Start Up Britain launch receives disappointingly lukewarm reception

It is fair to say that the level of negative comments being made in social media circles, directly to us at the magazine, and me Paul Jones, Editor, came in a close second to the level of positive comments which has prompted me to look again at this again.

So why? Are the comments founded? What is the problem?

Well, some of the comments are related to the initiative website, and front of the campaign. Yes, the website does feature some references and support being provided by American based businesses, like Google.

Ok, not a lot you can do about that, as, for example, there isn’t a UK based version of the worlds leading search engine, which also sells adwords. However, the offer of £30 towards google adwords isn’t the most generous of offers and one that can easily be found in a number of places, which if you were starting a business you should know all about after hours and hours of research.

The biggest issue that I have received messages about today is the ‘create a logo’ tab. This links to the US based company and website, plus David Cameron during his keynote commented (I am paraphrasing) a logo is not crucial.

This has angered designers in the UK. We see their point, as they like those going to the website are independent designers based in Britain.

After the launch I spoke to a few business owners to get their take.

Duane Jackson, CEO, Kashflow accountancy software said: “ The negativity and sniping around Startup Britain perfectly shows a big problem with this country.”

Jackson continued: “A group of entrepreneurs put together this initiative of their own accord. In a matter of weeks it went from concept to launch and they managed to get backing from the PM and high-profile entrepreneurs. Rather than embracing the positives and supporting the project, some people have instead preferred to snipe at it and pick holes in it. Of course it isn’t perfect, but the attitude if this was done in the same way in the US (Startup America is Government conceived and funded) would have been much more positive.”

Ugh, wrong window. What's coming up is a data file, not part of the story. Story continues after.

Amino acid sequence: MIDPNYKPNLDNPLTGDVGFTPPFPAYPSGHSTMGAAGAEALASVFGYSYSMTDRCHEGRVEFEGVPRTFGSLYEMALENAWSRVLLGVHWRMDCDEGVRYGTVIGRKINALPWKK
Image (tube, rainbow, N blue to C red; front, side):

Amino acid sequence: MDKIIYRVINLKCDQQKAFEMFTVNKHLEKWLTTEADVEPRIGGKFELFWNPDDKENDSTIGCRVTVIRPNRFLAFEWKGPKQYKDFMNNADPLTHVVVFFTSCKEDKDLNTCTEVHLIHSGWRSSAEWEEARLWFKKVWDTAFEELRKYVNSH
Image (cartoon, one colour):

Jackson, who was at the launch today concluded by saying that “When I’ve questioned some of the naysayers, it’s quickly become apparent that they’ve not looked into the project in any detail and are assuming it’s paid for by their tax money or is being directed by civil servants. That isn’t the case.”

Duane has been in business for a few years now, and started off with assistance from The Princes Trust, so what is it like stating a business today, could someone who has recently done it see Start Up Britain helping them?

I asked Hayley Chalmers, MD of Short Couture and member of the Forum of Private Business, who said: “I have spent almost 2 years setting up my business – which I launched last week. I did it with my own savings and not a single penny of government money – because there was none. If one is over 30, not a green biz, or tech or social enterprise – there are no grants.”

Chalmers added: ‘I couldn’t find any deals anywhere – which surprised me. I managed to negotiate a couple of small savings myself but nothing significant. Mostly this was with small firms that took pity on my situation.  The big firms were not interested and had no provision for deals.  I had the idea to set up a startup deals site – but mine was going to allow any firm that created a good deal, to take part. I would have been looking for better than ‘pretend’ deals. The 10% and things they give to everyone stuff.’

Chalmers concluded: ‘So now I’m struggling to get the business going, to get the word out there. And I see nothing on Start Up Britain that will help me – or really would have helped me.’
Hayley is right, and so is Duane, I could now dissect every aspect of the Start up Britain website and offering, wonder why Business Matters has been missed out, as we would love to be involved, However, I’m not.

The entire team of the eight entrepreneurs behind Start-up Britain who are doing this themselves with no financial support from government deserve praise and where you think they have made a mistake actual go to them and suggest an different way of doing something, telling them ‘that bits rubbish’ isn’t that helpful.

Remember that first day in your business? Is your business the same now? I doubt it and it probably evolves constantly. Earlier today Duncan Bannatyne said “you need a thick skin to be in business”

The founders of Start Up Britain found that out first hand today, but we shouldn’t be lambasting them, but acting as informed but critical friends and helping make the British business community stronger.

Start up Britain has Business Matters 100 per cent support and it should have yours too, give them time to grow. In three months if you don’t like it, then you can say ‘I told you so”